Read Astory of now Online

Authors: O'Beirne, Emily

Astory of now (page 4)

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It’s another quiet weeknight in the bar, and Andrew is upstairs watching TV, so they’re free to work as little as possible, knowing that he won’t pop out of his office at any moment. He’ll turn up at the end of the shift, bleary-eyed and cheerful to count the till and lock up.

To stave off complete boredom, she polishes a rack of wine glasses as she surreptitiously watches this guy and girl try to make conversation. They turned up forty-five minutes ago, ordered a bottle of red wine, and sat down in the booth. And for forty-five minutes, Claire has watched, enthralled, as they struggle to find something to say. Maybe, if it wasn’t dead tonight, and if the skinny boy wasn’t hogging Nina, this date wouldn’t be quite as fascinating. For now, however, it’s like one of those awful reality shows on late-night TV. Inevitably, she tunes in about halfway through an episode and finds herself idly captured until the end—mostly because she wastes that much time trying to figure out what the hell is going on.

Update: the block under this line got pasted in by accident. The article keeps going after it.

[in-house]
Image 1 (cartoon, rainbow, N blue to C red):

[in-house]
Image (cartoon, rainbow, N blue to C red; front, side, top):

It took her a little while to figure out this was a first date. The bottle of wine threw her off initially. Claire would never make the mistake of ordering a bottle on a first date. She thought everyone knew to always choose a drink that can be disposed of quickly. That way she can get out fast if she needs to. The bottle had to be the girl’s idea, too, because he’s pawing the glass as if he’s never held anything smaller than a pint glass. Totally classy. The girl fills in the many silences by checking her phone and playing with her hair, while he stares longingly at the group of students drinking beer and watching some sport crap on the TV. Yep, their first mistake was coming here.

And now Claire is trying to figure out which of them is going to make a break for it first. When Claire went by before, she took her time to wipe down the table next to theirs, and he was talking in this kind of stupefied drawl as though he’s been hit in the head one too many times. Probably a footy player. The girl was politely pretending to be interested, clearly much more socially generous than Claire would ever be. Everything about their interaction, even from this far away, suggests that this date is dead in the water.